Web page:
Posted by Griff on December 21, 1999 at 12:24:36:
In Reply to: Length of phrase posted by Jon on December 21, 1999 at 11:22:49:
The majority of phrasing problems are due to two areas. The amount of air that you take in, and the amount of air that you release. I have found that most musicians do not have a problem with inhaling, it is the exhaling that is problematic. There are many scientific (Jacobian) ways to work through building better breath support with machines and so forth, but first and foremost, you most always be aware of how the air is moving. One successful exercise that I use with my students is that I set a metronome to 60bpm. Together with the student, I start with breathing in for four even counts and releasing for four even counts. Immediately after the air is expelled, we breathe in for five even counts and exhale for five even counts. Without stopping we add a new count at the end of every release. I always try to get students to work the count number up to 15 the first time. If your'e trying this for the first time, you will notice that you have to concentrate on getting an even amount of air out on longer passages-the metronome does not lie. Working up to 15 counts is an excellent goal for a advanced beginner. Done effectively, you have just learned how to control your airstream for 15 counts(15 seconds). This may not seem like a long time, but mentally go over your 4 measure phrase and I doubt that it lasts longer than 15 seconds. How long can you hold your breath under water? Its just a mental block that you have to over come. From a very young playing age, we have all been taught to breathe in short phrases. You just need to concentrate on playing longer phrases.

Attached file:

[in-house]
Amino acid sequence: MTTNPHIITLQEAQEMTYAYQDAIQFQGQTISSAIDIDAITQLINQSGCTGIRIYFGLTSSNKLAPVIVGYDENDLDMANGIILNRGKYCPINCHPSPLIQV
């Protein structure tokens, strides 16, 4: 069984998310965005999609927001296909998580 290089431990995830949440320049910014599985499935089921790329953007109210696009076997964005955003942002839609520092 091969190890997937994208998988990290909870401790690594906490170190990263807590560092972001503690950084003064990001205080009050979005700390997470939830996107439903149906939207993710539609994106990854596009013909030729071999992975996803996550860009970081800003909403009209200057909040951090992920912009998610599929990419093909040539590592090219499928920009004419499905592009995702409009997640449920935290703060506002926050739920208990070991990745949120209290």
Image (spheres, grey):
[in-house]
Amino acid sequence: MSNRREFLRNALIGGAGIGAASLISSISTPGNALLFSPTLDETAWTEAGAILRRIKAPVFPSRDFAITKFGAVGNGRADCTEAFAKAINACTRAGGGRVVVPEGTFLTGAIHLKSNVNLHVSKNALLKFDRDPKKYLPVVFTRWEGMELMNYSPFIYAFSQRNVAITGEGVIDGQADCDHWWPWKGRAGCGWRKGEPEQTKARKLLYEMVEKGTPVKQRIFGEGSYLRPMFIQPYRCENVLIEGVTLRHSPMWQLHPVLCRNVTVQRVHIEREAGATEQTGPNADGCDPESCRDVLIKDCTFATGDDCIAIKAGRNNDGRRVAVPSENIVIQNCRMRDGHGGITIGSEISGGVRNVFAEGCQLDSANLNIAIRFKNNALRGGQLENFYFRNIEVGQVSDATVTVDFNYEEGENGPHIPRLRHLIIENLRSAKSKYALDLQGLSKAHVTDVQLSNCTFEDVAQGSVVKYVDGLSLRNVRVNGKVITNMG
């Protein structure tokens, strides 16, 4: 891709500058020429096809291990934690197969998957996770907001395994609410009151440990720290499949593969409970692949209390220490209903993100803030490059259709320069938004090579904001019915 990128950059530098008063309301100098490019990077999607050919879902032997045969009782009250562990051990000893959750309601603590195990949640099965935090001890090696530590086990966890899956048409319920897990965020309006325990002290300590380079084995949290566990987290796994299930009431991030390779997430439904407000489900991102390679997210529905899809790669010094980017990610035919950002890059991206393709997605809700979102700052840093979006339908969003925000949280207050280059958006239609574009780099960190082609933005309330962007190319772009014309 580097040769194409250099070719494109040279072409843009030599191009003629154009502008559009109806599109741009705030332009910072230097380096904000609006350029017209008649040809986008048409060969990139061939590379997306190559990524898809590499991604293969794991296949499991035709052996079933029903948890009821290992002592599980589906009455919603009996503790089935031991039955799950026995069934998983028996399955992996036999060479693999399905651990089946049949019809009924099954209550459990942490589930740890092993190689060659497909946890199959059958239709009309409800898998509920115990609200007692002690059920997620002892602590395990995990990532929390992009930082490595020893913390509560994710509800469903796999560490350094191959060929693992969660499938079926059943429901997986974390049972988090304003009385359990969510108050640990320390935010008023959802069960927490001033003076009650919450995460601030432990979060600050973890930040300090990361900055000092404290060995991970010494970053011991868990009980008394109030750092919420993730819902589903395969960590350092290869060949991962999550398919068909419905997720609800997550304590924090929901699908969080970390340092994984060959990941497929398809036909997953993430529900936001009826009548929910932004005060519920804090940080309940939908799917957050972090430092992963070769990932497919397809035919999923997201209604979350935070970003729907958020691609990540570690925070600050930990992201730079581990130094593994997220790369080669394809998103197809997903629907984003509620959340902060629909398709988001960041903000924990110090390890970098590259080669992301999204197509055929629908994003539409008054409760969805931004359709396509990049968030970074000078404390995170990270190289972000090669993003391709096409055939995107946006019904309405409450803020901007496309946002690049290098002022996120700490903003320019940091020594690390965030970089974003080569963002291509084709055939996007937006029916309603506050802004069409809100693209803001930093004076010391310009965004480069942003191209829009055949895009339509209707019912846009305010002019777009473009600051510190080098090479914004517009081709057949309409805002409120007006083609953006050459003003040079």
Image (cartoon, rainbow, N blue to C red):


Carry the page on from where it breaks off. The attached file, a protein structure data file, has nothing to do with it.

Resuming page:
All professional musicians include various breathing excercises as a part of their every day warm up. To develop the breath support that you want, start practicing this every day. Also, talk to professors and musicians about how they exercise their breath column. You might be surprised to know that some of the best breathing excercise advice I learned was from a Flute professor! There are numerous breathing exercises, don't be afraid or unwilling to try new concepts. Best of Luck! Jason Griffith